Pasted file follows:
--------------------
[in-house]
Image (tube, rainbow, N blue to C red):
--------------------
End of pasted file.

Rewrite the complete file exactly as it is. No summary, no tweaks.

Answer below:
[in-house]
Image (tube, rainbow, N blue to C red):